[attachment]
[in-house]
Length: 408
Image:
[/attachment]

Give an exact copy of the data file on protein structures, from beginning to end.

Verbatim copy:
[in-house]
Length: 408
Image: